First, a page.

Between The Devil And The Deep Blue Sea: The Need To Survive Versus Environmental Protection

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By Tendai Makaripe

UPON entering the Hopley community, a suburb situated about 16km south of Harare’s central business district, one is welcomed by a hive of activity as residents go out of their way to earn a living.

An area popularly known as kumajecha quickly steals one’s attention due to the nature of work done there, the environment under which the people toil and how they labour to make ends meet.

The area is rich in pit sand, a natural and coarse type of sand used in construction due to its superior binding properties and residents, like bees on a bee hive converge to extract it.

Men, women and children of school going age can be seen scattered around the area rummaging the land for pit sand for sale.

To them, the need to survive supersedes environmental protection and this has fuelled a massive environmental crisis.

The demand for sand is escalating due to an upsurge in housing construction in urban areas so those digging for it are always on the move, moving from place to place, burrowing the earth with reckless abandon.

The situation has become so bad that some are extracting pit sand around areas with power lines which increases the risk of them being electrocuted or damaging electricity infrastructure.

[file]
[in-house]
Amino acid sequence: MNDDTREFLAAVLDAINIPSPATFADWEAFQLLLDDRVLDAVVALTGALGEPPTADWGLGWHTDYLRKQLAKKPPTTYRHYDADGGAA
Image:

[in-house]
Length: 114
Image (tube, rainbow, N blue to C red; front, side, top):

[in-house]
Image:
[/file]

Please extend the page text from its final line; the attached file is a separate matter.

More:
Several accidents related to exposure to power cables have been reported in the country.

“Sand mining is the world’s largest mining endeavour, responsible for 85 percent of all mineral extraction.  It is also the least regulated, and quite possibly the most corrupt and environmentally destructive,” said environmental protection advocate Tsungirirai Shambare.

A scan of the area showed that borrow pits (areas where material usually soil or sand has been dug for use at another place or location) have become death traps.

The abandoned borrow pits are filled with runoff water from adjoining water bodies and become ponds.

Sources told that children enjoy using the ponds as swimming pools exposing them to drowning.

 “Stagnant water in the borrow pits is also fertile ground for the breeding of vectors like mosquito but women and children do their laundry and fetch water for their vegetable gardens there. We are sitting on a health time bomb,” said Hopley resident Tatenda Mavedzenge.

Experts said the abandoned borrow pits are a significant threat to public safety due to the dangerous deep vertical walls that are prone to landslides after heavy rains that enhance saturation and liquefaction.

These activities are not only a public health menace but are also posing a serious infrastructural dilapidation problem.

Dusty roads servicing the people in the area are sandwiched by borrow pits making it very difficult for drivers to navigate.

In the event that a vehicle veers off the road, chances of survival for passengers are slim because the pits and gulleys increase vehicle damage on impact.

“Research has shown that several highway failure spots are directly linked to the action of erosion initiated by active or abandoned borrow pits situated close to roads,” said environmentalist Hensley Nyikadzino.

Contacted for comment, men engaging in sand mining and selling indicated that they are aware of the environmental impacts of their activities but they also need to survive in a country that has deprived them of a decent living.